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James Webb Space Telescope discovers its first Earth-sized exoplanet

Updated 1 week ago
alien world orbiting star
Image: dottedyeti / Adobe

Webb has discovered its first exoplanet. The new Webb exoplanet clocks in at just 99 percent the diameter of Earth. NASA announced the discovery on its website on Wednesday, stating that the planet is now classified as LHS 475 b, and was found closer to its star than any planet in our solar system. As a result, it completes an orbit in just two days.

That’s not all, Webb also observed that the planet is a few hundred degrees warmer than our own, and that it is more like Venus than Earth. Earth, as we all know, is habitable and contains an atmosphere ripe for life to exist. Venus, however, is covered in thick clouds, and its atmosphere is full of carbon dioxide.

At the moment, it’s unclear exactly what the atmosphere of Webb’s first exoplanet is made up of or if it even has one. However, there are plans to dig deeper into that information down the line somewhere. NASA says that the researchers did run a transmission spectrum on the planet, but it wasn’t clear whether an atmosphere exists there or not.

the James Webb space telescope peers deep into the universe to discover exoplanets and moreImage source: Vadimsadovski / Adobe

What we have ruled out, though, is that it can’t have a thick methane-dominated atmosphere like that found on Titan. Because they are having such a difficult time determining exactly what kind of atmosphere it has, it’s possible they don’t have one, or that it is a 100 percent carbon dioxide atmosphere, as they are much more compact and harder to detect.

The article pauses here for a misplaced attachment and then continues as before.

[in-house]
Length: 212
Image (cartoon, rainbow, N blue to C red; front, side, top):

While Webb’s first exoplanet is closer to its star than any of the planets in our solar system, the red dwarf at the center of the system is also much cooler than our Sun. As such, it is likely the planet could still be cool enough to have an atmosphere.

Additionally, Webb’s exoplanet discovery has shown that red dwarf stars may have Earth-like planets orbiting them, which could make it easier to detect Earth-like planets if we start looking around red dwarf stars like the one found in LHS 475. Webb has detected atmospheres on exoplanets before, so we could see more developments from this in the future.

Josh Hawkins has been writing for over a decade, covering science, gaming, and tech culture. He also is a top-rated product reviewer with experience in extensively researched product comparisons, headphones, and gaming devices. Whenever he isn’t busy writing about tech or gadgets, he can usually be found enjoying a new world in a video game, or tinkering with something on his computer.